By Maria Saporta
One of the groups pushing for passage of the one-percent regional transportation sales tax — Citizens for Transportation Mobility — has “registered disappointment and dismay” with the Sierra Club’s Georgia Chapter decision to oppose the tax.
“We find it highly unusual that an organization charged with preserving and protecting our environment would oppose a transportation investment that has the potential to do exactly that,” Che Watkins, campaign manager for CTM, said in a statement. “The regional transportation referendum holds more promise of relieving congestion and reducing air pollution than any plan in decades.”
The organization, which advocates for more transit options in the region, cited “sprawl-inducing road expansion” as a major reason for its opposition. And yet, supporters believe the July 31 referendum provides unprecedented transportation options for metro Atlanta commuters, and holds the most promise for relieving air pollution, excessive tailpipe emissions and other environmental damage caused by traffic congestion.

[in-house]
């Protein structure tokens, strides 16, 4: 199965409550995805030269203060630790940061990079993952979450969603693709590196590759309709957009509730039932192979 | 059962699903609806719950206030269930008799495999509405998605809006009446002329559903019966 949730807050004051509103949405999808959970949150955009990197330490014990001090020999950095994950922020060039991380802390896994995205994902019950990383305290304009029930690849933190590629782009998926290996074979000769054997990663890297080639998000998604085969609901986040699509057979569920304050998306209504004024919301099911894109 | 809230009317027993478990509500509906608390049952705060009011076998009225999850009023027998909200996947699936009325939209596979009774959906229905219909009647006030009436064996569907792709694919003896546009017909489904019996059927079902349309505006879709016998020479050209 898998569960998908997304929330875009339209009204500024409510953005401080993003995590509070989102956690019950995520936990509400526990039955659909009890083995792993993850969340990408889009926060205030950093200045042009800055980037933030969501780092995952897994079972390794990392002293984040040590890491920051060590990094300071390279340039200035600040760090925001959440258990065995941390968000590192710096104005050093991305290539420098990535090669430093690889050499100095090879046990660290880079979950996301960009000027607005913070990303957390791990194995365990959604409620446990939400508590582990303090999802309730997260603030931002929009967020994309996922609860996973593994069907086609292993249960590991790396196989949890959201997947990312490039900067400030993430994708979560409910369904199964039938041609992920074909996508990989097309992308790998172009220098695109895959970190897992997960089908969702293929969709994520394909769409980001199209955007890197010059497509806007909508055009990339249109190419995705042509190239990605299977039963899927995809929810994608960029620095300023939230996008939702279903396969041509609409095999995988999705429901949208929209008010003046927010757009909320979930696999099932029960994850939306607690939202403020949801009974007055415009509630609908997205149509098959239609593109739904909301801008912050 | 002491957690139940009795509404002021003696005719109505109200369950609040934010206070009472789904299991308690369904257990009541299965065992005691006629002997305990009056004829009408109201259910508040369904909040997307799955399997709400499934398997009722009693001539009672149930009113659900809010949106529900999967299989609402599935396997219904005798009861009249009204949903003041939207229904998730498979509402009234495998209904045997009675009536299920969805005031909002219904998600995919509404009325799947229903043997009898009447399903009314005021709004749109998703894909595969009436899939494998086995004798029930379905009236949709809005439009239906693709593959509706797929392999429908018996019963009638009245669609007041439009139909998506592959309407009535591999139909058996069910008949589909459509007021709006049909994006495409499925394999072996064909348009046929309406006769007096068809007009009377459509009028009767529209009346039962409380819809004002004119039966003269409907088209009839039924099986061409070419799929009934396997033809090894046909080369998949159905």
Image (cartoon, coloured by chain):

“If the Sierra Club has its way,” said Watkins, “more harm will be done to the environment as the state continues to fund roads to the exclusion of transit. This plan generates one-third of public funding in the region for transit,” Watkins said. “Any organization that supports the environment would support this plan.”
With both supporters and opponents of transit taking aim at the $8.5 billion project list, Watkins noted that it was obvious they had struck the right balance between roads and transit.
“The one-sided supporters on either side – roads or transit – must acknowledge that the region needs a healthy mix of both to relieve congestion and give commuters options to get to home and work quicker,” she said.